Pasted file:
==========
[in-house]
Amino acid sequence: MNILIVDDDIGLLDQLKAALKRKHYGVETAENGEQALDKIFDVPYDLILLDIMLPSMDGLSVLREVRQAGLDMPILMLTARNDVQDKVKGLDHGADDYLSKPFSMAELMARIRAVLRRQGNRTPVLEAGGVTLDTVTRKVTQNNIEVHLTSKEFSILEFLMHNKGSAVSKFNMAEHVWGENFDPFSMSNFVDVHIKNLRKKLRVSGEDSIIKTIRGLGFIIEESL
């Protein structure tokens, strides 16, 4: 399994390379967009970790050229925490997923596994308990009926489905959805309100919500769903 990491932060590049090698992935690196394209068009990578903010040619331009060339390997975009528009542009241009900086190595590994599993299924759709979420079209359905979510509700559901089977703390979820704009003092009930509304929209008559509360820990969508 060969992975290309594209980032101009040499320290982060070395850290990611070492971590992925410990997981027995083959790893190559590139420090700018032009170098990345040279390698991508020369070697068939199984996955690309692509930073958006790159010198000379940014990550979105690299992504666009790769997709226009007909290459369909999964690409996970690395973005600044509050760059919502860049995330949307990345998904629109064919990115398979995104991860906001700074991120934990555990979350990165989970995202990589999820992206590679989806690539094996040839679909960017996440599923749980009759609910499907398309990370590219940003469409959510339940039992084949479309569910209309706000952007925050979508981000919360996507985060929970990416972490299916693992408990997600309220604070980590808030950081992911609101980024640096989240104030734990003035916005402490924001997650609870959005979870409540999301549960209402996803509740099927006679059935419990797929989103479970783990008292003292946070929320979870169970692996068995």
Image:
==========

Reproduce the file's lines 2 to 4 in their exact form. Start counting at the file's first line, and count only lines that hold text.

Amino acid sequence: MNILIVDDDIGLLDQLKAALKRKHYGVETAENGEQALDKIFDVPYDLILLDIMLPSMDGLSVLREVRQAGLDMPILMLTARNDVQDKVKGLDHGADDYLSKPFSMAELMARIRAVLRRQGNRTPVLEAGGVTLDTVTRKVTQNNIEVHLTSKEFSILEFLMHNKGSAVSKFNMAEHVWGENFDPFSMSNFVDVHIKNLRKKLRVSGEDSIIKTIRGLGFIIEESL
């Protein structure tokens, strides 16, 4: 399994390379967009970790050229925490997923596994308990009926489905959805309100919500769903 990491932060590049090698992935690196394209068009990578903010040619331009060339390997975009528009542009241009900086190595590994599993299924759709979420079209359905979510509700559901089977703390979820704009003092009930509304929209008559509360820990969508 060969992975290309594209980032101009040499320290982060070395850290990611070492971590992925410990997981027995083959790893190559590139420090700018032009170098990345040279390698991508020369070697068939199984996955690309692509930073958006790159010198000379940014990550979105690299992504666009790769997709226009007909290459369909999964690409996970690395973005600044509050760059919502860049995330949307990345998904629109064919990115398979995104991860906001700074991120934990555990979350990165989970995202990589999820992206590679989806690539094996040839679909960017996440599923749980009759609910499907398309990370590219940003469409959510339940039992084949479309569910209309706000952007925050979508981000919360996507985060929970990416972490299916693992408990997600309220604070980590808030950081992911609101980024640096989240104030734990003035916005402490924001997650609870959005979870409540999301549960209402996803509740099927006679059935419990797929989103479970783990008292003292946070929320979870169970692996068995």
Image: